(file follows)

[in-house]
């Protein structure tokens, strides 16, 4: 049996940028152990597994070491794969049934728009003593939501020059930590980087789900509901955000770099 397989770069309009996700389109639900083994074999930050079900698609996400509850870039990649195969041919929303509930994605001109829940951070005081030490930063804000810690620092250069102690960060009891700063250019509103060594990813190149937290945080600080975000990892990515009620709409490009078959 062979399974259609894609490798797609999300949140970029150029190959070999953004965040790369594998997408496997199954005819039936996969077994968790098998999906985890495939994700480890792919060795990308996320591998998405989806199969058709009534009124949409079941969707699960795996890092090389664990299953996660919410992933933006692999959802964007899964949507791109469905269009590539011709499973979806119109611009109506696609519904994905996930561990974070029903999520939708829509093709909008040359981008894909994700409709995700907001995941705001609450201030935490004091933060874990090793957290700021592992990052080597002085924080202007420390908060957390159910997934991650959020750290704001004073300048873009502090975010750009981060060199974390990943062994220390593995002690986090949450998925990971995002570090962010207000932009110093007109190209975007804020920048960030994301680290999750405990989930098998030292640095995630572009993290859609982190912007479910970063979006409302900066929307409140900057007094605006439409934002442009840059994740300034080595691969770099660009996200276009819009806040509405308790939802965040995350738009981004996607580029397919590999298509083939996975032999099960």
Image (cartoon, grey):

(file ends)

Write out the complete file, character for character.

[in-house]
């Protein structure tokens, strides 16, 4: 049996940028152990597994070491794969049934728009003593939501020059930590980087789900509901955000770099 397989770069309009996700389109639900083994074999930050079900698609996400509850870039990649195969041919929303509930994605001109829940951070005081030490930063804000810690620092250069102690960060009891700063250019509103060594990813190149937290945080600080975000990892990515009620709409490009078959 062979399974259609894609490798797609999300949140970029150029190959070999953004965040790369594998997408496997199954005819039936996969077994968790098998999906985890495939994700480890792919060795990308996320591998998405989806199969058709009534009124949409079941969707699960795996890092090389664990299953996660919410992933933006692999959802964007899964949507791109469905269009590539011709499973979806119109611009109506696609519904994905996930561990974070029903999520939708829509093709909008040359981008894909994700409709995700907001995941705001609450201030935490004091933060874990090793957290700021592992990052080597002085924080202007420390908060957390159910997934991650959020750290704001004073300048873009502090975010750009981060060199974390990943062994220390593995002690986090949450998925990971995002570090962010207000932009110093007109190209975007804020920048960030994301680290999750405990989930098998030292640095995630572009993290859609982190912007479910970063979006409302900066929307409140900057007094605006439409934002442009840059994740300034080595691969770099660009996200276009819009806040509405308790939802965040995350738009981004996607580029397919590999298509083939996975032999099960």
Image (cartoon, grey):